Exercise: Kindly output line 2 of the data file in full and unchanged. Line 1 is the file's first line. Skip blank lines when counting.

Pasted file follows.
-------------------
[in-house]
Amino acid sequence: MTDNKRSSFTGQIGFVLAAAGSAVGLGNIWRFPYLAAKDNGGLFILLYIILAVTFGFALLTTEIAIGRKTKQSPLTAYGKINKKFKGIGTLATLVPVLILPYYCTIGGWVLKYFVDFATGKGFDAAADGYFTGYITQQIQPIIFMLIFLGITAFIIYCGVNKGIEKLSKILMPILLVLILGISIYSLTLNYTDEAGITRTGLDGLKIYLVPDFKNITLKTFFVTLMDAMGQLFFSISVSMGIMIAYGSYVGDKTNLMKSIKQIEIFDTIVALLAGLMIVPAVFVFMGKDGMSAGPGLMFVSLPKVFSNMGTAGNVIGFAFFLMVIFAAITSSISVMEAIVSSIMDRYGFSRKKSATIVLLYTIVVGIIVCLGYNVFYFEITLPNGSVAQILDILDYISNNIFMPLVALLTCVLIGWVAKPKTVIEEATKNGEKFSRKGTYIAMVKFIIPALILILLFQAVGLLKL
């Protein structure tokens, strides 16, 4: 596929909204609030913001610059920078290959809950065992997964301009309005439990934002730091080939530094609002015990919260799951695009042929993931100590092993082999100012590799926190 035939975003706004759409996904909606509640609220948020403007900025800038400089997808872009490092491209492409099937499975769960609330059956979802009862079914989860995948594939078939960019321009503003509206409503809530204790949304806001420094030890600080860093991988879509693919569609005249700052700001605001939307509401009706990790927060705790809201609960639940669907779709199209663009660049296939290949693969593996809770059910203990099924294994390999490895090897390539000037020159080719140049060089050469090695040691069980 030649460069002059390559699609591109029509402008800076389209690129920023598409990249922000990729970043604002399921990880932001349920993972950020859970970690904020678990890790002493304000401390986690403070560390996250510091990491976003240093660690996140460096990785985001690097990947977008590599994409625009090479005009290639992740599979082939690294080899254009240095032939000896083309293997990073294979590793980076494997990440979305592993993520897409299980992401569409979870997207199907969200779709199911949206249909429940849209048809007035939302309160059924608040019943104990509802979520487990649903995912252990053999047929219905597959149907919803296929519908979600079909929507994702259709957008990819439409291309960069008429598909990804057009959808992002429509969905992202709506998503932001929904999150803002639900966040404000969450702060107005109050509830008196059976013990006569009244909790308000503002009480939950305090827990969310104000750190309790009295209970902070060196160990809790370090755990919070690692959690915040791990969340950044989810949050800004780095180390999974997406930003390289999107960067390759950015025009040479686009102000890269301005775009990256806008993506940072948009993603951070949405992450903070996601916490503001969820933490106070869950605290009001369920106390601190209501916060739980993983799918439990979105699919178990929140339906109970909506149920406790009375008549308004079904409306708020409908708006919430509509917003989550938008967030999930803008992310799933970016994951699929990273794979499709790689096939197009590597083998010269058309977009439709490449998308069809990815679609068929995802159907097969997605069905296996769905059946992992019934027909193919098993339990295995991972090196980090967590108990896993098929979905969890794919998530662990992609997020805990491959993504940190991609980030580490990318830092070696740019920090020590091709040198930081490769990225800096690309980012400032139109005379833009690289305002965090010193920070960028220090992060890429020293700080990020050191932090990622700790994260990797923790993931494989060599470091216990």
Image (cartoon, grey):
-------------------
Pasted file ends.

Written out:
Amino acid sequence: MTDNKRSSFTGQIGFVLAAAGSAVGLGNIWRFPYLAAKDNGGLFILLYIILAVTFGFALLTTEIAIGRKTKQSPLTAYGKINKKFKGIGTLATLVPVLILPYYCTIGGWVLKYFVDFATGKGFDAAADGYFTGYITQQIQPIIFMLIFLGITAFIIYCGVNKGIEKLSKILMPILLVLILGISIYSLTLNYTDEAGITRTGLDGLKIYLVPDFKNITLKTFFVTLMDAMGQLFFSISVSMGIMIAYGSYVGDKTNLMKSIKQIEIFDTIVALLAGLMIVPAVFVFMGKDGMSAGPGLMFVSLPKVFSNMGTAGNVIGFAFFLMVIFAAITSSISVMEAIVSSIMDRYGFSRKKSATIVLLYTIVVGIIVCLGYNVFYFEITLPNGSVAQILDILDYISNNIFMPLVALLTCVLIGWVAKPKTVIEEATKNGEKFSRKGTYIAMVKFIIPALILILLFQAVGLLKL